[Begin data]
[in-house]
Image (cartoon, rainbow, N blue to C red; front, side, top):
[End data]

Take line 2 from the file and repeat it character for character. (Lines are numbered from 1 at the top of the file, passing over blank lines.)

Image (cartoon, rainbow, N blue to C red; front, side, top):